Genre: Documentary

Actor: David Wojnarowicz, Fran Lebowitz, Nan Goldin

Director: Chris McKim

Be prepared to have the expectations you form after reading Scrapper’s synopsis shattered: though it is about a 12-year-old dealing with grief following her mother's death, it’s remarkably upbeat. It gets that quality by positioning itself in the buoyant headspace of young Georgie, a resilient, cheeky youngster who retains much of her whimsical childlike spirit in spite of her profound bereavement. Director Charlotte Regan’s debut feature is bursting with imagination: there are surreal stylized touches all over the movie, from talking video-game-style spiders to magical realist metaphors of Georgie's grief. 

That’s not to say that Scrapper is flippant about the inherent tragedy of its story, though. As in The Florida Project, you can feel the escapist motivations of Georgie's colorful imagination, which only deepens the poignancy of her situation and the precarious relationship she forms with her father, a barely-old-enough manchild who only makes an effort to meet Georgie after her mother’s death. Amidst all the intentional artificiality of the filmmaking, their largely improvised interactions never ring false — a dynamic that’s also crucial to making the movie feel genuinely touching and real rather than saccharine and shallow. A very impressive debut, and a much-deserved recipient of Sundance’s World Cinema Grand Jury prize and a whopping 14 nominations at the BIFAs.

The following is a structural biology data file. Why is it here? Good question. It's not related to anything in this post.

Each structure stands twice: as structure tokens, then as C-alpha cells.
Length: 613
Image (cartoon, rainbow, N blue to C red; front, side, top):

Genre: Comedy, Drama

Actor: Alin Uzun, Ambreen Razia, Asheq Akhtar, Aylin Tezel, Harris Dickinson, Laura Aikman, Lola Campbell, Matt Brewer, Olivia Brady, Sam Buchanan

Director: Charlotte Regan

Rating: NR

Kill Bill meets Bend It Like Beckham in this wild ride about a martial arts-obsessed British-Pakistani teenager who views her older sister’s impending marriage as a catastrophe to be averted at all costs. Aspiring stuntwoman Ria (Priya Kansara) can’t stomach the idea of free-spirited Lena (Ritu Arya) giving up on her creative dreams to marry a nauseatingly perfect man — not least because art school dropout Lena is her hero for refusing to conform to their community’s traditional ideas about respectability and success.

Polite Society makes room to sensitively explore Ria’s disappointment and the loneliness of rebellion, but writer-director Nida Manzoor doesn’t stop there, throwing in a sharp allegory disguised as a zany twist. Rather than upending our expectations for upending’s sake, the surprise metaphor refigures the movie as perceptive cultural commentary on the age-old devaluation of women as mere vessels for the next generation. What’s more, Manzoor takes the analogy full circle to thoughtfully imagine how this kind of dehumanizing misogyny might have affected previous generations, suggesting that the real villains lie offscreen. Movies as inventive and intelligent as this don’t come around often, but one that’s this funny, visually bold, unabashedly feminist, and full of stars-in-the-making is rarer still.

Genre: Action, Adventure, Comedy, Drama

Actor: Akshay Khanna, Ella Bruccoleri, Eunice Huthart, James McNicholas, Jeff Mirza, Jenny Funnell, Nimra Bucha, Priya Kansara, Rekha John-Cheriyan, Renu Brindle, Ritu Arya, Seraphina Beh, Shobu Kapoor

Director: Nida Manzoor